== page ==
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Experimental Malaria Test Would Not Require Blood Sample

New York Times: A New Test for Malaria, No Blood Required
“Rice University researchers have developed a rapid malaria test that uses a laser pulse, eliminating the need to draw blood. The test has not yet been tried on humans with the disease, but in experiments with blood samples and mice, it detected malaria when only one red blood cell in a million was infected, with no false positives, the inventor said. The results were described in a study published online last week in Proceedings of the National Academy of Sciences…” (McNeil, 1/6).

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Editorials and Opinions

New York Times' 'Room For Debate' Feature Discusses Birth Control

New York Times: Thinking Beyond the Pill
“More than 50 years after its introduction, the birth control pill — and altering hormonal levels in general — still seems to be the best contraceptive available. Has progress on developing new birth control methods stalled? What can be done to promote innovation?” The newspaper features opinion pieces from Natalie Rechberg, chief executive officer of Valley Electronics AG, a supplier of natural fertility monitors; Amy Ong Tsui, director of the Bill & Melinda Gates Institute for Population and Reproductive Health; Elaine Lissner, director of the Male Contraception Information Project and of Parsemus Foundation; Evette Dionne, a writer at Bustle, The Root, theGrio and other publications; and Lawrence Finer, director of domestic research at the Guttmacher Institute.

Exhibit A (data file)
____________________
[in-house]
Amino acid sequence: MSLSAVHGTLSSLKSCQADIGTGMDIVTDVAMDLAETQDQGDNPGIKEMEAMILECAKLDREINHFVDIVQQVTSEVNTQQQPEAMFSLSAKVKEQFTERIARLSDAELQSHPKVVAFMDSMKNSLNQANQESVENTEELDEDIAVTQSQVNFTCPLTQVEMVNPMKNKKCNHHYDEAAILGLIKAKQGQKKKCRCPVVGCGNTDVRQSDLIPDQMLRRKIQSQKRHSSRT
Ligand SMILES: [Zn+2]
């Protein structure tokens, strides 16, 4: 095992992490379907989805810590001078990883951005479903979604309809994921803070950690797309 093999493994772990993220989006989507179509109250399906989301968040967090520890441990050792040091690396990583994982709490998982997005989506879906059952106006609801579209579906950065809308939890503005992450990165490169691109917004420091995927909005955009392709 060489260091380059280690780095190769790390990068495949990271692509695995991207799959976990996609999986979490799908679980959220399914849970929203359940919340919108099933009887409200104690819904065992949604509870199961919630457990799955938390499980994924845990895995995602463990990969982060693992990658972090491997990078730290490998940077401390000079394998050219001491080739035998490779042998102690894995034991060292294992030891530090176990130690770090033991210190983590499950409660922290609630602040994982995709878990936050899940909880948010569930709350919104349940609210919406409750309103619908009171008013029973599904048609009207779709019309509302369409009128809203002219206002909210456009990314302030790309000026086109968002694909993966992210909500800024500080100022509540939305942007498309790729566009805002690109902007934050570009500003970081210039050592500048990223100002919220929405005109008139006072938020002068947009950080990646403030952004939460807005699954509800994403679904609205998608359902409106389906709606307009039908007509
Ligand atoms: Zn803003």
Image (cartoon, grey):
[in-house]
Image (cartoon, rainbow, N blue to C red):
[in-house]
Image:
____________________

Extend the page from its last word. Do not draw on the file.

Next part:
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World Must Continue Efforts To Prevent, Treat, Research A Cure For HIV/AIDS

Tampa Bay Times: No time to let up in fight against AIDS
“Representatives from around the world made financial commitments in Washington last month that would allow the Global Fund to Fight AIDS, Tuberculosis and Malaria to continue to operate for the next three years. … Separately, [President] Obama announced plans to give $100 million to a National Institutes of Health project aimed at finding a cure. This is what the United States, other countries and philanthropists should be doing. But it is not enough. … The world’s health depends upon our ability to advance the message and the research, and now is not the time to let up” (1/3).

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Recent Releases

U.S. Continuing To Assist In Mental Health Support For Syrians

Jack Myer, Syria regional disaster assistance response team leader in the Office of U.S. Foreign Disaster Assistance, writes in USAID’s “IMPACTblog” about the ongoing conflict in Syria and how “9.3 million people now find themselves in need of humanitarian assistance,” particularly women and children. “The U.S. will continue to provide mental health support to people affected by the Syria crisis as they cope with the daily challenges of war — all part of the $1.3 billion in humanitarian assistance for the crisis,” he states (1/6).

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Report Examines HHS Global Health Strategy

The Center for Strategic & International Studies (CSIS) has published a new report by Katherine Bliss, senior associate with CSIS Global Health Policy Center, titled “Global Health within a Domestic Agency: The Transformation of the Office of Global Affairs at HHS.” The summary states, “The HHS Global Health Strategy, with its emphasis on disease surveillance, food and drug safety, basic research, and health diplomacy, is noteworthy for its success in shining light on the important linkages between global and domestic health challenges. However, its development should be seen less as a stand-alone event and more as critical step within an ongoing process that has made global health a key element of the department’s work and made the department a critical player in the overall development and execution of U.S. global health policy and programs…” (1/6).